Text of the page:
The Newtown Pentacle

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Archive for the ‘East River’ Category

victoriously swept

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If the bridge wasn’t there, it would be impossible to recognize Williamsburg, Brooklyn.

– photo by Mitch Waxman

Mephitic vapors, the effluent of furnaces and forges, a vague scent of molasses, and the smell of freshly smoked crack cocaine used to be all you needed to recognize where you were when visiting Williamsburg. These days, all you’ve got is the visual cue offered by its eponymous bridge and the vague scent of high end Marijuana.

Occasion found me in the ancient village, and as I was headed for Manhattan to meet up with a boat later in the day, a scuttle across the bridge was called for.

– photo by Mitch Waxman

A lot of people think this span is an architectural travesty, but I’ve never thought it was bad enough to to create a Municipal Arts Society over. There are “separate” pedestrian and bicycle paths, which aren’t really segregated from each other in any cohesive manner, but as one such as myself enjoys playing things “by the rules” – I found myself climbing the surprisingly steep ramp leading up from Brooklyn to the bridge itself. At least it provides for some fairly good “cardio.”

– photo by Mitch Waxman

Back in art school, the conventional wisdom imparted to me by a generation of instructors was that you can’t go wrong when there’s an umbrella in your shot. The reasoning is that the umbrella is an inherently interesting shape, and it breaks up the otherwise pedestrian points of view one normally encounters. It wasn’t raining, of course, and the umbrella was simply there to shield its wielder from the particularly powerful emanations of the burning thermonuclear eye of God itself whose gaze seemed fixed upon the bridge.

– photo by Mitch Waxman

All the tourists seem to flock to the Brooklyn Bridge, and its pedestrian path offers one a frustrating and crowded experience. It’s a bit like a lunch line at a buffet, that walk, a slow shuffle while trapped in a queue. Vast preference for the less popular bridges like Queensboro, Williamsburg, and Manhattan is offered by your humble narrator. Crowds suck.

– photo by Mitch Waxman

For this walk, I used my “crappy lens” – a 70-300 consumer level zoom. After the great camera disaster of July, wherein both camera body and my “best lens” were destroyed, I’ve been making it a point of mixing things up a bit. Thanks to many of you who donated money for replacement equipment to this blog, and both body and “best lens” have been replaced. Regardless, one tries to keep things fresh and the extra reach which the imperfect but serviceable “long lens” provides for slightly different perspectives and color rendition.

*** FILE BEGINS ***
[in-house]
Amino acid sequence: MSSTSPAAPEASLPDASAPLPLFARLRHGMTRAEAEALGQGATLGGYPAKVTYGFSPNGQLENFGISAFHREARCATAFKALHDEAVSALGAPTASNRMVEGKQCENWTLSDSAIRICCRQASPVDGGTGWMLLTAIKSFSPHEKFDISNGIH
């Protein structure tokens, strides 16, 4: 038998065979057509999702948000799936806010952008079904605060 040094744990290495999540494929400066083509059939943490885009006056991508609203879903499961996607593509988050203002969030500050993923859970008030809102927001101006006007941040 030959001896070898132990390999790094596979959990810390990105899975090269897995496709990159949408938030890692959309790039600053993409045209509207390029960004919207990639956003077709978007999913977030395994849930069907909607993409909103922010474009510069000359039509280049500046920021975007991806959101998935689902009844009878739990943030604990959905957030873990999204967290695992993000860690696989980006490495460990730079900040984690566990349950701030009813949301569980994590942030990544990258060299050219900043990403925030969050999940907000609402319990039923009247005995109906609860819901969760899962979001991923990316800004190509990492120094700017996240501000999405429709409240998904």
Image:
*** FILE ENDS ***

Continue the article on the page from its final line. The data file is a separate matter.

– photo by Mitch Waxman

It would be utterly pedantic to go into the technical details on this subject, so suffice to say that each and every lens interprets the light moving through it in different ways. Certain lenses are great for portraits, others for landscapes. Camera settings can also affect color rendition as well – for instance, narrow apertures render the color blue in a certain way due to the clipping of upper and lower limits found in the blue light wave.

As I said, technical and pedantic.

– photo by Mitch Waxman

Manhattan side of the Williamsburg Bridge, at Delancey Street, and looking back towards the infinity of Brooklyn.

The Williamsburg Bridge is 7,308 feet long (measuring between the cable anchor terminals) and the deck is some 118 feet wide. The height at the center of the bridge is 135 feet and each tower is 310 feet in height as measured from the East River’s high-water mark. It was originally called East River Bridge #3 when opened in 1903. Its architect was Henry Hornbostel, and the chief engineer who oversaw its construction was Leffert L. Buck.

“follow” me on Twitter- @newtownpentacle

Upcoming Tours –

September 3rd, 2015
Newtown Creek Boat Tour
with Open House NY, click here for details and tickets.

Written by Mitch Waxman

August 25, 2015 at 11:00 am

evil design

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Getting around town, in today’s post.

– photo by Mitch Waxman

A humble narrator’s antipathy towards entering the rat infested bunkers of sweating concrete that underlie the megalopolis has been fully explored in prior posts at this, your Newtown Pentacle. What are you going to do, though? There’s really only one truly economical way to get around in our city, and the subway is it.

– photo by Mitch Waxman

You could drive, I suppose, but one such as myself lives a mere three stops out from the City center, and cannot imagine bearing the costs and pain in the neck that maintaining an automobile would entail. My solution has always been to rent a car when I need one, which is not that often. It’s an expensive caprice, but no where even close to paying annual insurance, gas, and paying for the inevitable parking tickets.